For purposes of taxation, property is divided into three classes: real property,
tangible personal property and intangible personal property. Taxes levied on property
are a primary source of revenue for county government.
Real property is land parcels and any structures or improvements thereon. Movable
structures such as house trailers and mobile homes are improvements to the land
and are considered real property. Real property is classified by the Tennessee Constitution
into sub-classifications to be assessed as follows:
Industrial and Commercial Property assessed at 40 percent of value,
and includes residential buildings with two or more rental units;
Residential Property assessed at 25 percent of value; and
Farm Property assessed at 25 percent of value. The Agricultural,
Forest and Open Space Land Act provides for the assessment and taxation of farm,
forest, and open space land at its current use value rather that at its market value.
Tennessee's Green Belt Law is intended to protect farm and other "green
belts" of land, particularly in urban areas, from pressures toward other use.
Certain properties, e.g. owned by government, housing authorities, some non-profit
organizations, and cemeteries are exempt from taxation.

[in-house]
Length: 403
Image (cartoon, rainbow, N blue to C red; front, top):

Tangible Personal Property
Tangible personal property includes automobiles and commercial inventories and equipment;
all items that may be seen, weighed, measured, felt or touched, or are perceptible
to the senses, except real property. The Tennessee Constitution sub-classifies tangible
personal property as follows:
Public Utility Property assessed at 55 percent of value; except,
by federal court decision, the railroads, the trucking and airline industries;
Industrial and Commercial Property assessed at 30 percent of value.
Ad valorem taxes on merchants' inventories and equipment were exempted by Tennessee
statute in 1972 and later by constitutional amendment.
Intangible Personal Property
Intangible Personal Property are assets such as cash, stocks and bonds. Income from
investments in stocks, bonds, notes, money markets, and bank accounts, except that
generated within the state of Tennessee and declared exempt, is taxed at rates set
by the General Assembly and collected by the state as the (Hall) income tax.
Every two years, the State Division Of Property Assessments conducts an appraisal
ratio study statewide. The purpose of the study is to determine the general relationship
of recorded value to market value within and between counties, The assessments of
public utility property are equalized to reflect the median of property tax appraisal
within a county.